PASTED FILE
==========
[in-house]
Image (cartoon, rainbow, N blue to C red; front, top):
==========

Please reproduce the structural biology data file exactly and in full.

[in-house]
Image (cartoon, rainbow, N blue to C red; front, top):